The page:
Send to

Choose Destination
J Neurosci. 2018 Dec 5;38(49):10401-10410. doi: 10.1523/JNEUROSCI.2144-18.2018. Epub 2018 Oct 31.

Adult Hippocampal Neurogenesis: A Coming-of-Age Story.

Author information

University of Gothenburg, Institute for Neuroscience and Physiology, Section for Clinical Neuroscience, 40530 Gothenburg, Sweden.
Center for Stroke Research Berlin and Neurocure Cluster of Excellence, Charité-Universitätsmedizin Berlin, 10117 Berlin, Germany.
Laboratory of Genetics, Salk Institute for Biological Studies, La Jolla, California 92037, and.
Paul F. Glenn Center for Biology of Aging Research at the Salk Institute, La Jolla, California 92037.
Laboratory of Genetics, Salk Institute for Biological Studies, La Jolla, California 92037, and


What has become standard textbook knowledge over the last decade was a hotly debated matter a decade earlier: the proposition that new neurons are generated in the adult mammalian CNS. The early discovery by Altman and colleagues in the 1960s was vulnerable to criticism due to the lack of technical strategies for unequivocal demonstration, quantification, and physiological analysis of newly generated neurons in adult brain tissue. After several technological advancements had been made in the field, we published a paper in 1996 describing the generation of new neurons in the adult rat brain and the decline of hippocampal neurogenesis during aging. The paper coincided with the publication of several other studies that together established neurogenesis as a cellular mechanism in the adult mammalian brain. In this Progressions article, which is by no means a comprehensive review, we recount our personal view of the initial setting that led to our study and we discuss some of its implications and developments that followed. We also address questions that remain regarding the regulation and function of neurogenesis in the adult mammalian brain, in particular the existence of neurogenesis in the adult human brain.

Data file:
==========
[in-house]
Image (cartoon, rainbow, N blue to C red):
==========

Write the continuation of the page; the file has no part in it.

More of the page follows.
adult neurogenesis; aging; dentate gyrus; hippocampus

Supplemental Content

Full text links

Icon for HighWire Icon for PubMed Central
Loading ...
Support Center